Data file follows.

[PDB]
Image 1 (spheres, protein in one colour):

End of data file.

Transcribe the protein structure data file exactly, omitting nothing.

[PDB]
Image 1 (spheres, protein in one colour):